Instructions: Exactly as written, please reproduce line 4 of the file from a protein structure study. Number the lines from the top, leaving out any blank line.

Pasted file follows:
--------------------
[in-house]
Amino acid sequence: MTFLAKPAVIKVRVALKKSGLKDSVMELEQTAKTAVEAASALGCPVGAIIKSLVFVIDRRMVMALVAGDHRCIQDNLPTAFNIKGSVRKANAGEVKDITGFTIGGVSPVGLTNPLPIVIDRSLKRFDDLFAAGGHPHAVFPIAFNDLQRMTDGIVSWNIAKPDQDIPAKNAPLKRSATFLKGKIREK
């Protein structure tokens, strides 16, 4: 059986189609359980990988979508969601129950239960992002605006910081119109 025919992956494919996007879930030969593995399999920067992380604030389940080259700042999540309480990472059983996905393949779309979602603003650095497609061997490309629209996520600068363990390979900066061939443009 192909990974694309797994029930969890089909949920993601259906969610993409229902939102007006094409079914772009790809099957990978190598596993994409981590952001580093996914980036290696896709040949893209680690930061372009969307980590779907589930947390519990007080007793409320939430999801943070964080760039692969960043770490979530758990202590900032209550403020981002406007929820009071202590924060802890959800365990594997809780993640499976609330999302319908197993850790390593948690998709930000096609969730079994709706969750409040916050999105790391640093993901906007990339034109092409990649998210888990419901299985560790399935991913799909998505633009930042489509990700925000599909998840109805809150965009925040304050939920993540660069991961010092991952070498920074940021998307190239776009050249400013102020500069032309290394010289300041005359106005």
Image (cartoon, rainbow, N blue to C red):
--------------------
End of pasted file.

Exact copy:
Image (cartoon, rainbow, N blue to C red):